Sunday, November 18, 2012

The Kingdom of Whatever

For some reason Alexis de Tocqueville keeps coming up in the post-election commentary in America. He is, as usual, relevant to all of us living in 21st century democracies. Here's James Kalb:
Tocqueville was concerned to secure the advantages of democracy and minimize its dangers, but his confidence in its approaching triumph was not matched by confidence it would endure... Tocqueville’s intelligence and insight did not bring him influence, and democracy and Western society have gone their way without reference to his warnings. The outcome has been a setting increasingly unfriendly to democracy. People have become more interested in comfort and security than self-rule, and a technological and globalized world seems too complicated—and problems such as terrorism, environmental degradation, and economic instability too pressing, far-reaching, and resistant to solution—for popular rule to appear workable. Under such conditions Russia and China can seem better symbols of things to come than the New England town meetings that so much struck Tocqueville when he visited.
The low turnout in the recent referendum in Ireland, and the lowest turnout ever in last week's UK police and crime commissioner elections are example of people becoming more interested in 'comfort and security than self-rule'. Though perhaps that's unfair to our fellow citizens. We are living through not so much a crisis of faith as a crisis of reason. Worse, we are now living in what Professor Brad Gregory calls the Kingdom of Whatever:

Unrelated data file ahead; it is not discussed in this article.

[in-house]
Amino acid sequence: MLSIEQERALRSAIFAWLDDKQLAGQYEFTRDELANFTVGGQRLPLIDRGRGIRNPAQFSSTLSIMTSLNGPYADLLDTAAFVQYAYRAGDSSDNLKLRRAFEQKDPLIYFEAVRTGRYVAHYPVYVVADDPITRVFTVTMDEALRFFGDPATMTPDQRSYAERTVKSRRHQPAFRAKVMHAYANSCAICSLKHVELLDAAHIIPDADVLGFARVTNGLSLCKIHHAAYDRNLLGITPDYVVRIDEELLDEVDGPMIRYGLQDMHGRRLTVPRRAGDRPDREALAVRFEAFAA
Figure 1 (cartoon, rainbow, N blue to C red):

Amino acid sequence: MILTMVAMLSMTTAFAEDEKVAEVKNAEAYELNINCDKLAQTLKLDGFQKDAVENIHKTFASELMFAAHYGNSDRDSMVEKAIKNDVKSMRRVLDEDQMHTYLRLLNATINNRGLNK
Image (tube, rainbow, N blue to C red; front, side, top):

Modern Western political theory tries (or pretends) to steer clear of prescribing morality. Because our society divides so bitterly over matters of truth and ethics, modern lawmakers tend to enshrine individual privacy and autonomy. But in doing so, they diminish the life-giving social importance of religious faith. This legal “neutrality” isn’t so neutral. In feeding the sovereignty of the individual, our public leaders fuel consumer self-absorption, moral confusion, and—ultimately, as mediating institutions like the family and churches wither—the power of the state. The Reformation has led, by gradual, indirect, and never-intended steps, to what Gregory calls the “Kingdom of Whatever.” It’s a world of hyperpluralism, where meaning is self-invented by millions, and therefore society as a whole starves for meaning.
The people's romance with democracy is turning to dis-enchantment, as it did in the 1930s, and we know how dangerous that can be. We started with Tocqueville so let's end with a (quite remarkable) song in French, from Quebec:

ht The Thinking Housewife

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